Strategic lawyering by a team of Harvard Law students led Veterans Affairs to change its long-standing benefits policy.
Last month, the Department of Veterans Affairs ended a marriage duration requirement that largely excluded surviving partners of LGBTQ+ veterans. This decision, which will potentially expand benefits to thousands of survivors, followed efforts over the past two years by Harvard Law School students in the Veterans Legal Clinic at the WilmerHale Legal Services Center.
During 2020, the clinic took up the case of Miami Beach resident Lawrence Vilord whose spouse — a Vietnam War veteran — passed away in June of that year. The couple had been together 44 years. For much of that time, Vilord served as caregiver to his partner, who was rendered quadriplegic after a household fall resulting from his combat injuries.
But the VA told Vilord that he wasn’t eligible for the enhanced Dependent and Indemnity Compensation for surviving spouses of disabled vets, because they hadn’t been married for at least eight years. This rule effectively disqualified all same-sex couples in nearly every state, as the U.S. Supreme Court only declared restrictions on same-sex marriages unconstitutional in their 2015 ruling in Obergefell v. Hodges.
Arguing that the ongoing time requirement was unconstitutional for several reasons, the clinic initially filed two separate briefs with the Board of Veterans Appeals and Court of Appeals for Veteran Claims — the first focusing mainly on the specific Vilord case, the second on the broader policy issues. Both were considered by the VA in deciding last month to reverse its policy.
“We tried to have it both ways. We argued that if anyone should get relief, it should be our client,” says Noah Sissoko ’23, who worked on the first brief with Tyler Patrick ’22. “But also, [the time requirement] does violate due process and equal protection of the law, and the stated goals that the VA has for protecting widows. We basically tried to throw all of it into the brief and see what stuck.
“We thought we had a great client, and Mr. Vilord gave us a lot of leeway to figure out what we thought was best,” Sissoko says. “But I think it’s incredible [that] we actually did, as a bunch of law students, change VA policy. That’s one of the proudest things I can say I’ve done, not only in law school but in life up to this point. A bunch of 20-somethings came together and we changed policy for veterans, who are the most deserving people in our society.”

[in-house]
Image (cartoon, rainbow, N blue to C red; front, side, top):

“This is going to mean access to benefits upon death for thousands of LBGTQ+ families, if not tens of thousands, that will make a huge difference in peoples’ lives,” says David Paul ’24, who was a member of the Veteran Clinic team representing Vilord this year. “Taking care of a disabled person is both emotionally and financially very taxing. And very often in those cases, the surviving partner didn’t have the opportunity to work or save money. That’s what these benefits were designed to help with, and now those survivors will have benefits.”
“The student teams who worked on Mr. Vilord’s case over these last five semesters all have modeled excellence in clinical lawyering,” said Clinical Professor Daniel Nagin, faculty director of the WilmerHale Legal Services Center and Veterans Legal Clinic. “They have brought passion, grit, and creativity. They have been client-centered throughout. They have demonstrated superb lawyering skills and instincts. And, consistent with the principles of clinical legal education, they have eagerly embraced the responsibility that comes with being the lead advocates on the case. They have made every strategic judgment, executed on every plan, and then thoughtfully revisited their strategy every time circumstances required — which was often, given the novel constitutional claims they were pursuing.”